"The bad weather is penalizing us as, due to the frequent rain, we cannot harvest citrus fruit with continuity. In addition, the high temperatures in October affected the ripening and coloring of fruits in some cases. The campaign started a week ago with Navel oranges and will continue with Tarocco, which will probably steal the show thanks to their unique pigmentation, organoleptic qualities and flavor," explains Pascal Altieri from Altieri Giacomo & Figlio (Pascal is Giacomo's son).
The Altieri family commercializes citrus fruit obtained from 50 hectares. It has been one of the first Sicilian companies to export citrus fruit to the US in the 1980s under the "Fior d'Arancia" brand.
The facility is located in Palagonia (CT), at the foothills of Mount Etna, where a large variety of traditional citrus fruit, new Tarocco varieties such as Lempso and various types of tangerines are processed in a facility covering 2400 sq m.
"Quantities should be excellent, thanks also to the new orchards planted so as to deal with the Citrus Tristeza Virus (CTV), which caused the death of millions of trees all over the world. Producer prices are good, as are volumes, but quality is lacking."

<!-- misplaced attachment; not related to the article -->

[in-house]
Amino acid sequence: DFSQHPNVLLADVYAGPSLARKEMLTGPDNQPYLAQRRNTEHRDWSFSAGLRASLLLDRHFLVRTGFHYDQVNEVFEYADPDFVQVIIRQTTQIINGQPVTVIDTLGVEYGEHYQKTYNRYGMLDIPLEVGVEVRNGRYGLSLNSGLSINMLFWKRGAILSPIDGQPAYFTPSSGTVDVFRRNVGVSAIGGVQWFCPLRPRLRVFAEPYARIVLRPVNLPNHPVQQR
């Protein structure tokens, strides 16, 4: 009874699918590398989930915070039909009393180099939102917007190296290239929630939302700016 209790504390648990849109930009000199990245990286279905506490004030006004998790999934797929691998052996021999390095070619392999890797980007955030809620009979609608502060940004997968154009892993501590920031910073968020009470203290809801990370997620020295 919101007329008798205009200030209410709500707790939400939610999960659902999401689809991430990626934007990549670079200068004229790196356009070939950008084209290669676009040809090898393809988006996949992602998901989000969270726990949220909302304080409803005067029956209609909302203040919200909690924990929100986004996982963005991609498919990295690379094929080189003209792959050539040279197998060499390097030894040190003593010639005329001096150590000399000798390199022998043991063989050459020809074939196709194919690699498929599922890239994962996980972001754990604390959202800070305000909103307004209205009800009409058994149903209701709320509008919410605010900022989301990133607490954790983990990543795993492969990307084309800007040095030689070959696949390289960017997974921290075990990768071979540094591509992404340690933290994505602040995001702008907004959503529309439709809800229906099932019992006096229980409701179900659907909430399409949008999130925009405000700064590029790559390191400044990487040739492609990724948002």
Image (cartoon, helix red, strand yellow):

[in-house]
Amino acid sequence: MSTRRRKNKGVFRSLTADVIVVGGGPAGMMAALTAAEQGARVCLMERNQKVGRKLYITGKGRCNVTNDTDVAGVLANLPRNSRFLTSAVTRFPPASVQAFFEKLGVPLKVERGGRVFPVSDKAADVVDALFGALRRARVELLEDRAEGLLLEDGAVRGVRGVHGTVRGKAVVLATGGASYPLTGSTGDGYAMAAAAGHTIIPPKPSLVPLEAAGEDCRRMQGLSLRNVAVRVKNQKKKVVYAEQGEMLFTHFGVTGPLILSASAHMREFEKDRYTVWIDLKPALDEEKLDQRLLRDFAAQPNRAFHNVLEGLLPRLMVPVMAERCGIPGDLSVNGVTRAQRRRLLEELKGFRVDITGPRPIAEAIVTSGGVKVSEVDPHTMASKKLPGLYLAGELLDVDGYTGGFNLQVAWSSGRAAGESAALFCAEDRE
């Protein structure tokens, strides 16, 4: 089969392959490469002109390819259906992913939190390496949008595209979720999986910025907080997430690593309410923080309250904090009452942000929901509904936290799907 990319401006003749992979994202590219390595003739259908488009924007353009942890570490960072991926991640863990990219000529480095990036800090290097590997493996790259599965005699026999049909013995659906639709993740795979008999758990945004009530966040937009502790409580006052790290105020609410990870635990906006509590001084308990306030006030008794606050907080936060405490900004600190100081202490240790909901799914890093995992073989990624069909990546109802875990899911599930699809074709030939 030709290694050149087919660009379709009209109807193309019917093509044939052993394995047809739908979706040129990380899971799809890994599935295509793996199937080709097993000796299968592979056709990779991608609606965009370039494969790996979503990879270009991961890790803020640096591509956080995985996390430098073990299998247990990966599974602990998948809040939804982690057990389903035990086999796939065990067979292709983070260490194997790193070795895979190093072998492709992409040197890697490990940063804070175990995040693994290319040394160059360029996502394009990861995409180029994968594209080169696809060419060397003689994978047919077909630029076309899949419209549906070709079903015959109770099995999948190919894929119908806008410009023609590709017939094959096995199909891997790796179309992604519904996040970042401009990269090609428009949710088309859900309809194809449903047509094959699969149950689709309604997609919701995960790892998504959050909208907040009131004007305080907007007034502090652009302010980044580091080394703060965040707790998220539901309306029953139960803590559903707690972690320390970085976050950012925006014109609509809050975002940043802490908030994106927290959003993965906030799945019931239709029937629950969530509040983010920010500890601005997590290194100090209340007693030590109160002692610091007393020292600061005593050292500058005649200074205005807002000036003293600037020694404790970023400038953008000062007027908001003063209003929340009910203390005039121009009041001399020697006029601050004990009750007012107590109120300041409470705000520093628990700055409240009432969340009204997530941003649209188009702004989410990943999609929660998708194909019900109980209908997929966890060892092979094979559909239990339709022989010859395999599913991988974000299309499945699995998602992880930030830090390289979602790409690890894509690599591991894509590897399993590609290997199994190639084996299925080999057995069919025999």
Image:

Due to the delays in the Sicilian Regional Development Program (RDP), many owners lack the economic strength to perform re-planting operations on their own, so much so that some entrepreneurs even abandoned production. This in turn means low-quality fruit from obsolete groves may found its way to the market, especially when considering around 70% of groves have yet to be renewed.
In order to find profitable alternatives, Altieri increased its e-commerce sales over the last few years, guaranteeing the high-quality of freshly-harvested oranges and thus obtaining better profits.
"Results are good, if we consider the fact that online sales of fresh produce are still at the beginning, but we believe in this channel and think it is the future. We believe our Fior d'Arancia brand can do better if we diversify our supply channels. Reaching final clients directly and establishing a direct dialogue with them is definitely something we must do."
Most of the turnover comes from the Italian and foreign big retail chain, followed by wholesalers and direct sales.
One of the ongoing projects entails the transformation of oranges, tangerines and lemons into high-quality marmalade destined to the premium segment.
"Although the company operates of diversified markets, the main problems always derive from the competition from abroad and from Spain in particular. This adds to the fact that small and medium businesses typical of our territory are not safeguarded."